White-tailed deer program leader Alan Cain doesn’t foresee any significant losses with white-tailed deer with the exception of a few older animals.
“Obviously, some mortality of the very old deer or those deer in poor body condition is to be expected — this is just nature, survival of the fittest,” Cain said.

Cain pointed to possible damage to native habitat in some regions as a more pressing concern. He said some brush species in South Texas that had green leaves before the freeze are now parched or brown.

“We’re also seeing some impact on the winter weeds which are critical for deer this time of year and into the early spring,” he said. “There are still some green patches of burclover, but we’re also seeing lots of it burned from the freeze. I’m hopeful the moisture from the snow and ice soaked up in the soil we’ll see a good start to the spring green up as temperatures warm.”

Exotic animals didn’t fare near as well in the winter blast. Axis deer and black buck antelope were among the hardest hit. “Many of the exotics don’t do well with extended periods of extreme cold,” Cain said. “I’ve heard reports of axis deer seeking shelter in barns on some ranches in the Hill Country, which is completely unexpected. This just shows how desperate some of the axis deer were to find shelter from the weather. I suspect it will be several weeks before we know the full impact on the exotics.”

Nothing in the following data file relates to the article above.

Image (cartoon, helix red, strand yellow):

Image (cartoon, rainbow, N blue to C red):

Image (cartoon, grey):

Coastal Fish Kills/Shad Die-offs

Sadly, widespread fish kills occurred along the Texas Coast when frigid air chilled water temperatures into the mid-40s in shallow bay systems. Reports of dead fish and cold-stunned sea turtles began coming in as early as Valentine’s Day. Quantification of the impacts are still ongoing, according to a Feb. 23 TPWD news release.